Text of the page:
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Award

NEAL Ascherson, the Independent on Sunday's columnist, has won the Orwell Prize for political writing. He is the first winner of the award, established by the George Orwell Memorial Fund and The Political Quarterly.

FILM / Bang, bang, you're alive: If death did not exist, the cinema would have had to invent it. Seldom is the screen so animated as when some actor is breathing his last. David Thomson considers dying in the movies, from the original 'Scarface' to 'In the Line of Fire', and nominates Hollywood's greatest expirer

THE SEVEN screenwriters are decent men and women. Their children have been in Non- Violence Awareness programs. They are devout in the faith that there are too many guns in America. Not to mention greater Los Angeles. But they have a problem with this script.

REVIEW / Soft men with hard centres: Adam Mars-Jones finds Clint Eastwood's new buddy-buddy movie, A Perfect World, both sentimental and sour

We don't exactly associate Clint Eastwood with pimping for tears, either as actor or director, but nothing brings out American sentimentality like a story about fathers and sons, and A Perfect World certainly sets out to wet a few cheeks. The strange thing about it is that it has all the characteristics of the heart-warming film except the warmth. Somehow that got left out. In one sequence, a father is ordered at gunpoint to tell his son he loves him ('Say it like you mean it'). That's pretty much the emotional dynamic of A Perfect World. We feel things not because we want to, but because a man with a gun tells us it will be much better for us if we do.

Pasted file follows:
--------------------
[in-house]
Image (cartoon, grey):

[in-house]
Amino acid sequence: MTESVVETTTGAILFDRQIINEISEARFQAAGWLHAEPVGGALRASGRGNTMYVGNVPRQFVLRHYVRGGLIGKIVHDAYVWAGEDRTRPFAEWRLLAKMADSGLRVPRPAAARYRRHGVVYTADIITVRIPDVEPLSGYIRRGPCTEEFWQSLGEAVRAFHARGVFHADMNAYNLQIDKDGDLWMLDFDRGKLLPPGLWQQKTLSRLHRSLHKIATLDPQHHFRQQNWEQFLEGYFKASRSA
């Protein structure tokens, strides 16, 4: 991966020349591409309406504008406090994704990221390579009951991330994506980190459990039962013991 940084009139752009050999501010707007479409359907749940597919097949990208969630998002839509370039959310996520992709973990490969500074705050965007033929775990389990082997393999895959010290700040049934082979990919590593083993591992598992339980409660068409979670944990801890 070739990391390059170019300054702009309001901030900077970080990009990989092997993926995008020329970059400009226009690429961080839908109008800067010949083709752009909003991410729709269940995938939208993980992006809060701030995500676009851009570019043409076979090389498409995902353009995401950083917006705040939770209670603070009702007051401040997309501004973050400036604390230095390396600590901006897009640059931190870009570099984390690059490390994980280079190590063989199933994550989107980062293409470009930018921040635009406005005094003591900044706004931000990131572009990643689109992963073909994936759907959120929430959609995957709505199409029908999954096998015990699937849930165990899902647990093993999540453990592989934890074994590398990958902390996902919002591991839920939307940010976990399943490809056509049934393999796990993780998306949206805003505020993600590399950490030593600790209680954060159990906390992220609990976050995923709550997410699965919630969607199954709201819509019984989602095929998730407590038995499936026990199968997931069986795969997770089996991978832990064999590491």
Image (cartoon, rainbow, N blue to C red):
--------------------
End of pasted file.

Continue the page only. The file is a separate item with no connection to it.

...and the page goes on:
CINEMA / All's right with Clint's World

CLINT EASTWOOD is now a better director than actor. In both jobs, he has always thrived on limitation. Clint the Malibu monolith winces and glares, while Clint the director runs genre pieces through the hoops. He may be the apotheosis of the conservative artist. But while his attempts to break out of convention as an actor have verged on the ludicrous (his huffing, wooden impersonation of John Huston in White Hunter, Black Heart), as a director he's refined and deepened his genre material. In his new film, A Perfect World (15, released next Sunday), he polishes a formulaic script to a sheen.

FILM / Lights, camera, satisfaction: Time was when Hitchcock called them cattle, but now actors call the shots. Kevin Jackson on the stars turned directors